Dec—Beyance Knowles rumored to play Lois Lane, not true

Early 2004—Constructions on sets begins sometime in Austrailia

April 13—McG gives presentation to Warner’s brass.
June 10—Brandon Routh tests for Superman.
June 17—Warners’ announces that McG may not actually direct.
June 24— Josh Schwartz signs on to script doctor
July 9—Brian Singer in talks for version IV, agrees to take job if script is dumped and he can start from scratch.
July15—McG leaves project for good, and is replaced by Brian Singer, who brings in Michael Dougherty & Dan Harris to write a completely new script. version IV is now dead, although set construction continues.

Version VI

Sept 15—first draft for Superman V, version VI is finished. It is based on the original movies from the 1970s.
Oct. 20—finished script approved.
Oct 2—Routh gets the lead role.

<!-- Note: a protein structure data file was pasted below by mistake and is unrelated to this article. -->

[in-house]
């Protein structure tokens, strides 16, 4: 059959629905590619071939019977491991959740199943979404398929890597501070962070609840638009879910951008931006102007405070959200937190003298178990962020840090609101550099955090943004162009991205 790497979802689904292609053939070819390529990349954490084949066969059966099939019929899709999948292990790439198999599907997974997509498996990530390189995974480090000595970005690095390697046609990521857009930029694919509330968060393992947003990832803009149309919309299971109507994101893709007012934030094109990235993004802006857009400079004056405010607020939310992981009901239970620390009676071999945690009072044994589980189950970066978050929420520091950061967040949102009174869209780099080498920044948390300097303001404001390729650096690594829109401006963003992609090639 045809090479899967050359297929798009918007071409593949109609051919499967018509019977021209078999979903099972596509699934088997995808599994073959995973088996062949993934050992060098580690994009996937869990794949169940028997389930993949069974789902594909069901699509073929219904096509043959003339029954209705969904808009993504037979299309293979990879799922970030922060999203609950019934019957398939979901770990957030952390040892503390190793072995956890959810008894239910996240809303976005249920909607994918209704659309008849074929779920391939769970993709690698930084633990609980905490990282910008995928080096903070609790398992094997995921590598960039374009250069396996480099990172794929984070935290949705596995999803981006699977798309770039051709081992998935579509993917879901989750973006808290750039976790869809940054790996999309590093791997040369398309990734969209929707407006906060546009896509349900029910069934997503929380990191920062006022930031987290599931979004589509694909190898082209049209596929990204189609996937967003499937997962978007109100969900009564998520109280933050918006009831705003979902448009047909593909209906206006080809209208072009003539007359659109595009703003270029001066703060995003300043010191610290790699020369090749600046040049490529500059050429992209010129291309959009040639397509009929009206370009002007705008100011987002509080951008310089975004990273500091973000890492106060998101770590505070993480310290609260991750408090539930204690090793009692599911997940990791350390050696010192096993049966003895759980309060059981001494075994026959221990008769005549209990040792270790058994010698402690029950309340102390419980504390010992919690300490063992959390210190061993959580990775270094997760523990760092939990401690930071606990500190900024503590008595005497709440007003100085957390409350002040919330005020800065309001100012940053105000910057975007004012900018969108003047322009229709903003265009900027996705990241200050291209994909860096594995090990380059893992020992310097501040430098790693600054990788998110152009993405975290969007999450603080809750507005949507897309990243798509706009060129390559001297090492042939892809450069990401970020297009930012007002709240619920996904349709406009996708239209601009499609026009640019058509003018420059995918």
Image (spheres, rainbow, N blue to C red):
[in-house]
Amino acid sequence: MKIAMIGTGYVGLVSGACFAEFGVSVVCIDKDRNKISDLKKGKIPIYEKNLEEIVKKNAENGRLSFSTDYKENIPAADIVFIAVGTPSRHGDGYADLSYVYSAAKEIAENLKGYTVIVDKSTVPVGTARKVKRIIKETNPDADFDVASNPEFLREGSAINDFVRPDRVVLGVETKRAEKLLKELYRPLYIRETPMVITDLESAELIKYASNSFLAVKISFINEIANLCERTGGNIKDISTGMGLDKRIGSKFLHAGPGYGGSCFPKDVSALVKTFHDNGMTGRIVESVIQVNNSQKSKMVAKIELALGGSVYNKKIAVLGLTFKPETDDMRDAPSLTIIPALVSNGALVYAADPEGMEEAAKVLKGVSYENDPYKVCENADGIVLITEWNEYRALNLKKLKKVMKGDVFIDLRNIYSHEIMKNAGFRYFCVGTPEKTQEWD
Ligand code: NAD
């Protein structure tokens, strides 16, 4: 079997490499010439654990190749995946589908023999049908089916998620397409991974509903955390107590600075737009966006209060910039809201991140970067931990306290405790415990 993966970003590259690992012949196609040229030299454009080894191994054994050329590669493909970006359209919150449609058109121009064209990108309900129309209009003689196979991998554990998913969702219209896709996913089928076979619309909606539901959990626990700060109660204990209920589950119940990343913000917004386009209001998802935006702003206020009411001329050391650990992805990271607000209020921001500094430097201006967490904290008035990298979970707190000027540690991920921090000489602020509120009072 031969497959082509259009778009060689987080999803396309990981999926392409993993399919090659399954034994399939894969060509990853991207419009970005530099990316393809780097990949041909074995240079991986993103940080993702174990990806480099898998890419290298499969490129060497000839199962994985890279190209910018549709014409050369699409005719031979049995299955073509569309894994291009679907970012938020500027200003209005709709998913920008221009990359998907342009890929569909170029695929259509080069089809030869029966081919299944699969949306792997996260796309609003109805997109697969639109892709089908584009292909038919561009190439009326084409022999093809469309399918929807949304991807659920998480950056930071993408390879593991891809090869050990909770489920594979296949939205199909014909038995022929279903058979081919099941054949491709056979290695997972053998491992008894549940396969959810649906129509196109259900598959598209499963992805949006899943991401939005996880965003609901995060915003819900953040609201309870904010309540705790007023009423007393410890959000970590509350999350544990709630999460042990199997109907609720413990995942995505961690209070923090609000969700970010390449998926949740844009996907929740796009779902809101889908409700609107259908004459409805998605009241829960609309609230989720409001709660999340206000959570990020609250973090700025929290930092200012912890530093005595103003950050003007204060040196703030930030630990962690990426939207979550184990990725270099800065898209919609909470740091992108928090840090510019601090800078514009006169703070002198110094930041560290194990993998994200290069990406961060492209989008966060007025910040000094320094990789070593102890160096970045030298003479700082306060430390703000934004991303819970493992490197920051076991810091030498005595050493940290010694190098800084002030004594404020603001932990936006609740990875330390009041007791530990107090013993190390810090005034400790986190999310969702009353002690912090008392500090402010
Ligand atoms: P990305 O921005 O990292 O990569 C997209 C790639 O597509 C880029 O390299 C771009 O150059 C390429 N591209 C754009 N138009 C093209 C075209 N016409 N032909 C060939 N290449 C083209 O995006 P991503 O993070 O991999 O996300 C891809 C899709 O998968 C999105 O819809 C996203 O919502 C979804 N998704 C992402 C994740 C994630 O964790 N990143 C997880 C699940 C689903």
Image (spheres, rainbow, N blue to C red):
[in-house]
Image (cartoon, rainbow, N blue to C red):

Nov 5Superman V, Version V, or Superman Returns is given the official greenlight for a June 2006 release.

March 16, 2005—Filming starts at last.

At this point, Warner Bros. has already spent over $60 Million. The total costs clealy will make it the most expensive film to date.

My review of version six

Superman Returns

Directed by
Bryan Singer

It’s all about suspension of disbelief. A film like this is a success when you can get really into it and don’t really care about stuff like the villain planning to destroy half the world in order to increase his real estate holdings. Sure, it’s ridiculous, but this is fantasy, and an iconic one at that. This is the result of decades of work and hundreds of millions in development costs. If Bryan Singer and company can’t make you believe a man can fly, then its all a waste.